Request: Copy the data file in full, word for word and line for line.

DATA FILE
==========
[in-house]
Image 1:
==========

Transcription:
[in-house]
Image 1: